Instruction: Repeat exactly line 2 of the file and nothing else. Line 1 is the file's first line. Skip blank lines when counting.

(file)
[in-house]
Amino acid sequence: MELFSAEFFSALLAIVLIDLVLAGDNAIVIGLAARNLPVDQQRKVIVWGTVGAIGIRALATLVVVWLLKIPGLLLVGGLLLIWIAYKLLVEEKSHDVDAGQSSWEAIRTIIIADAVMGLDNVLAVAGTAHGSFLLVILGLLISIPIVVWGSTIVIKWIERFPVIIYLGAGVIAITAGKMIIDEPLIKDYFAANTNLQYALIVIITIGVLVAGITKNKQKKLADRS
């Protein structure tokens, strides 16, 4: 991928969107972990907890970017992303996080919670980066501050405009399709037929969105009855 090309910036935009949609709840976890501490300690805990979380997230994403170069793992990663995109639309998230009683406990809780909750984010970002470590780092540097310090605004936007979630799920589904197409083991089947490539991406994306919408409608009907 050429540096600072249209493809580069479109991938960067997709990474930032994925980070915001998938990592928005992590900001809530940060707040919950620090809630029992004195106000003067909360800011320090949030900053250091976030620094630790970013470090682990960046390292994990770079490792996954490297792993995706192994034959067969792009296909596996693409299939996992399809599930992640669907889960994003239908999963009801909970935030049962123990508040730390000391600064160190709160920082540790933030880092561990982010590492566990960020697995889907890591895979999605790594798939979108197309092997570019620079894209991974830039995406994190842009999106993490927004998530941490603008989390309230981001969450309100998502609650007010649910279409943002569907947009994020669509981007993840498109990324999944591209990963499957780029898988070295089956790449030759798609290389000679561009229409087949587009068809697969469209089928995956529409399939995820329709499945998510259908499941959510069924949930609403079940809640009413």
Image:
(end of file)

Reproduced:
Amino acid sequence: MELFSAEFFSALLAIVLIDLVLAGDNAIVIGLAARNLPVDQQRKVIVWGTVGAIGIRALATLVVVWLLKIPGLLLVGGLLLIWIAYKLLVEEKSHDVDAGQSSWEAIRTIIIADAVMGLDNVLAVAGTAHGSFLLVILGLLISIPIVVWGSTIVIKWIERFPVIIYLGAGVIAITAGKMIIDEPLIKDYFAANTNLQYALIVIITIGVLVAGITKNKQKKLADRS